Michelle and Coco’s epic love story starts to fall apart via an accurate depiction of teenage angst, but the series, unfortunately, falters with its need to cover an overly long eight-episode run.
This recap of the Hulu series The Girl from Plainville season 1, episode 5 contains spoilers.
Due to their long-distance relationship, it is very difficult to sympathize with Michelle and Coco. What they see as a tragic teen love affair is nothing more than a few text messages between two teens who once met on holiday. In “Mirrorball” they meet for only the second time in real life and spend the night together. Episode five splits between this fantastical past and the grim reality of Michelle’s present. The lawyers build their cases, whilst Michelle struggles with her return to school, dealing with alienation and the wrong kind of attention. The series continues to plow forwards towards the trial, although it feels unnecessarily longwinded and tedious at times.
The Girl from Plainville season 1, episode 5 recap
The narrative begins with the 2014 flashback timeline. Michelle and Coco are playing their kooky word association game, which quickly descends into something a little more X-rated. Coco asks for photos of Michelle and she obliges, although reluctantly. The filmmakers explore Michelle’s eating disorder in more detail, bringing an extra layer to her troubled story. We have seen hints of this in earlier chapters, although now the body image issues are pushed front and center.
A second timeline is set in 2015, after Coco’s death, focusing on the lawyers, as both sides work towards the impending trial. Michelle’s parents berate their lawyer, Joseph Cataldo (Ozark’s Michael Mosley), about a recent newspaper article. The headline “Manslaughter” instantly catches the viewer’s eye and infuriates her parents. These oblivious parents are then shown the endless text messages, with Michelle forced to read them out loud. One particular text message about drinking bleach unnerves them. Finally, they’re seeing this scandal from a different perspective.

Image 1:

Meanwhile, Katie Rayburn continues to search for the elusive motive of the case. Why would Michelle want her boyfriend to kill himself? They track down and interview Susie, Michelle’s old school friend, and possible love interest. Susie explains how Michelle became obsessive and how she ignored her, terminating their friendship. Katie believes she finally has a motive now. Michelle encouraged Coco to take his own life so she could use this tragic event to regain Susie’s full attention. It’s an insidious but plausible scenario, gleaning sympathy from her partner’s death.
The series may be outstaying its welcome when six episodes instead of eight would have probably sufficed, but there are some positives to The Girl from Plainville. Their depiction of an unhealthy obsession with body image and eating disorders are both important topics that need addressing. Furthermore, the show’s portrayal of teens is scarily accurate and painstakingly realistic, which too should be applauded. It just seems like the show is needlessly dragging out a storyline to fill the eight-episode quota when it is entirely unnecessary.